“Our data says that 57% of respondents wanted to stay as a single district. 24% supported a two-way split, and only 19% supported a three-way. I'm having a hard time understanding why we would go against what the public wants and the staff recommendation,” said Beeson, referring to ASD survey results conducted by MGT Consulting earlier this year.

“I can't in good conscience make decisions that are based on 50 city representatives for a district of over 84,000 families in our community,” concluded Beeson, who is also opposed to the city interlocal agreements for a three-way split.

The western board members were caught off guard by the comments from the eastern board members, and Eagle Mountain and Saratoga Springs Board Member Julie King responded first.

Advertisement

“I take exception to some of these comments. Saying that the [cities'] claims have no basis, I absolutely disagree with that coming from an area that representation is a massive concern, and it has been for years,” said King.

“Lehi, Saratoga Springs and Eagle Mountain represented three-fourths of Utah County's growth last year, and the growth issue isn't going away. As far as new school building issues are concerned, I would invite you to my schools,” added King in response to the board members defending their record of supporting students in the West.

“There are significant concerns that aren't being addressed… I take exception to how some of this is being characterized. Our focus should be on meeting the needs of students, and to characterize it otherwise is unproductive and unhelpful,” concluded King.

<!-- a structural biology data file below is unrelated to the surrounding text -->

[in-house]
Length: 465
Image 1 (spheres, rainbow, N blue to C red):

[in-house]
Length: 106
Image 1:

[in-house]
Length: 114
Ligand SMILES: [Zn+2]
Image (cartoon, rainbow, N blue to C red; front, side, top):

“I think it's incredibly disingenuous to disregard the concerns of our cities and residents. This is exactly why we're in this situation. I'm disappointed in the comments that I've heard tonight. I find it interesting that Board Member Beeson said that 50 city council members weren't representative of the 84,000 kids, yet the seven of us are supposed to be,” said Lehi Board Member Stacy Bateman.

ASD will hold two public open houses before deciding whether to put a two-way split on the ballot or leave the district as one, pending the outcome of the interlocal agreements calling for a three-way split.

The first public meeting will be June 11 at 6 p.m. at the district office, located at 575 N 100 E in American Fork. The second meeting will be on June 25 at Lake Mountain Middle School in Saratoga Springs.

“Last night's meeting was just to open the 45-day public comment period. Some of the board members used that time for political posturing. Refusing to acknowledge and support different municipalities' needs shows us that we need better representation,” said Bateman when reached for comment Wednesday morning regarding tension between the western and eastern board members.

“By bringing concerns and challenges closer to home, we can better address them. Decisions should be made by those in the community who understand our unique needs and are equipped with the knowledge to solve current problems and plan for the future,” added Bateman.

Advertisement